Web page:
This story contains discussion of sexual violence. Please proceed with care.
On August 18, singer and producer R. Kelly will finally face trial for a litany of disturbing charges against him amassed over three decades. Despite multiple young women alleging they were sexually and physically abused in Kelly’s “sex cult,” among many other harrowing claims, the R&B singer has managed to successfully evade any serious repercussions throughout his career. But after renewed media attention, thanks in majority to an explosive 2017 Buzzfeed investigation and 2019 documentary Surviving R. Kelly, the singer is going to trial again, 25 years after the very first allegation.
After two years of delays due to the pandemic, testimony will begin in the first of two federal trials in Brooklyn on Wednesday. Kelly has consistently denied all allegations of abuse and misconduct, and maintained that he is not guilty of any of the charges. Now, he’s being prosecuted across two sets of indictments in New York and Illinois (on hold until the conclusion of the first trial). So before the trial begins, here’s what you need to know.
What are the charges and allegations against R.Kelly?
In total, Kelly faces nearly three dozen federal charges that span across the country. Some claims go as far back as the 1990s, and the most recent is from 2018. He is mostly facing abuse allegations in addition to one count of racketeering and eight counts of violations against the Mann Act, which makes it illegal to transport women or girls across state lines for sex. The charges are composed of abuses against 22 victims.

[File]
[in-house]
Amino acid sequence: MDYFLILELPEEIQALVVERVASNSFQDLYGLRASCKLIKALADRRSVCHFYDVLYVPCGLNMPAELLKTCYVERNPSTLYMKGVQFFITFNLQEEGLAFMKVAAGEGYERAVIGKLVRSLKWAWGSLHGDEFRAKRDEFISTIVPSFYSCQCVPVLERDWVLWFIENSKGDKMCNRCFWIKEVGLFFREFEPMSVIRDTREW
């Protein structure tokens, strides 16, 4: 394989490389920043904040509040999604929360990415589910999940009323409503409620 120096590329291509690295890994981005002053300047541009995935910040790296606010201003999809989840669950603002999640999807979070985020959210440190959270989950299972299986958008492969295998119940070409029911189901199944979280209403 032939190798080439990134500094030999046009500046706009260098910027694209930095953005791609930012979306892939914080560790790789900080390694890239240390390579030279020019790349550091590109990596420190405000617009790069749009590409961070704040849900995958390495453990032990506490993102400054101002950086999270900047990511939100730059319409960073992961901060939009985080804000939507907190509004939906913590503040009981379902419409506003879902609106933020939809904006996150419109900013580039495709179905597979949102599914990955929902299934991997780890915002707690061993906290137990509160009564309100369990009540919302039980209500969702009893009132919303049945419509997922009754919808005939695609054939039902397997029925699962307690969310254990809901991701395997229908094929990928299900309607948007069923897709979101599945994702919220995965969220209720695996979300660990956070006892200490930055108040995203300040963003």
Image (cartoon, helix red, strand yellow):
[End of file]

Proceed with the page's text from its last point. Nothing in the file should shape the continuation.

In New York, Kelly is also being charged with kidnapping, child pornography, forced labour, and bribery. Prosecutors will focus mainly on the racketeering charge because it largely encompasses the singer’s alleged “criminal enterprise,” which began in 1994, and was supported by bodyguards and other employees who allegedly helped him “prey upon young women and teenagers.” Five women and girls who allege that Kelly abused them are included in these particular charges, including a then-minor who alleges that she contracted herpes after Kelly knowingly exposed her.
Prosecutors said in 2019 that Kelly essentially recruited girls at his concerts to be his sexual partners, and issued “rules” that they were allegedly forced to follow “including that the women and girls were to call him ‘Daddy’; they were not permitted to leave their rooms to eat or visit the bathroom without receiving his permission; they were required to wear baggy clothing when not accompanying Kelly to an event; and they were directed to keep their heads down and not look at other men.” They also claimed that Kelly isolated them from their friends and family, and made it so that they were dependent on him for everything.